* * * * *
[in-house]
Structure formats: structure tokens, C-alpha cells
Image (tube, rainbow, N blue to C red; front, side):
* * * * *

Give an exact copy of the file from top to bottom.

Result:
[in-house]
Structure formats: structure tokens, C-alpha cells
Image (tube, rainbow, N blue to C red; front, side):